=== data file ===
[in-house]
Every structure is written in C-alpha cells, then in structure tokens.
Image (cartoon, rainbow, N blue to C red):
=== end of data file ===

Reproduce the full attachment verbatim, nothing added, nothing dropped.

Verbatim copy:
[in-house]
Every structure is written in C-alpha cells, then in structure tokens.
Image (cartoon, rainbow, N blue to C red):